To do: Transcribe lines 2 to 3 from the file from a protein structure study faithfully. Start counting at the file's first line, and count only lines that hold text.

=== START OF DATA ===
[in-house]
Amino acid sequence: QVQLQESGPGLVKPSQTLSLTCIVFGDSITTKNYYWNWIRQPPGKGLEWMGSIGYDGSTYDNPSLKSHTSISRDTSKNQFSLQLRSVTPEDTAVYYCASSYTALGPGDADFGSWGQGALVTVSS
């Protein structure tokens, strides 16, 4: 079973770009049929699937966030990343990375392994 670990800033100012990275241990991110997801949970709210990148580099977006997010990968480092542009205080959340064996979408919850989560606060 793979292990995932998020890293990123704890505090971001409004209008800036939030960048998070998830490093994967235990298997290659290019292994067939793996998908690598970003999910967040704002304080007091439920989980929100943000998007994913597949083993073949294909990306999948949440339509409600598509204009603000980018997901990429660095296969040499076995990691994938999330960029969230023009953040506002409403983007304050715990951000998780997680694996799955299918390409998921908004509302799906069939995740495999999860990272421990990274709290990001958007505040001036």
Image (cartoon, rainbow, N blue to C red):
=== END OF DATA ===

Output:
Amino acid sequence: QVQLQESGPGLVKPSQTLSLTCIVFGDSITTKNYYWNWIRQPPGKGLEWMGSIGYDGSTYDNPSLKSHTSISRDTSKNQFSLQLRSVTPEDTAVYYCASSYTALGPGDADFGSWGQGALVTVSS
């Protein structure tokens, strides 16, 4: 079973770009049929699937966030990343990375392994 670990800033100012990275241990991110997801949970709210990148580099977006997010990968480092542009205080959340064996979408919850989560606060 793979292990995932998020890293990123704890505090971001409004209008800036939030960048998070998830490093994967235990298997290659290019292994067939793996998908690598970003999910967040704002304080007091439920989980929100943000998007994913597949083993073949294909990306999948949440339509409600598509204009603000980018997901990429660095296969040499076995990691994938999330960029969230023009953040506002409403983007304050715990951000998780997680694996799955299918390409998921908004509302799906069939995740495999999860990272421990990274709290990001958007505040001036």